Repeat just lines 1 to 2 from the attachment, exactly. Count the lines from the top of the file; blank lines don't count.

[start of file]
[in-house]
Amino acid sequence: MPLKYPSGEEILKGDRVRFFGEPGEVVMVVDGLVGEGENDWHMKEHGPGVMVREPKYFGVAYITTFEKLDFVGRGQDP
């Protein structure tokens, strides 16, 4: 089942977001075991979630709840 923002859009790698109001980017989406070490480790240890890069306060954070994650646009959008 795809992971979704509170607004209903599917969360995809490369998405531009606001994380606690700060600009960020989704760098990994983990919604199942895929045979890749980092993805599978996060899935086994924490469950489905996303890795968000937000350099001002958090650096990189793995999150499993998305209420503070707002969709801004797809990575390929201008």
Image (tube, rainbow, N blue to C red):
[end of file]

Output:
[in-house]
Amino acid sequence: MPLKYPSGEEILKGDRVRFFGEPGEVVMVVDGLVGEGENDWHMKEHGPGVMVREPKYFGVAYITTFEKLDFVGRGQDP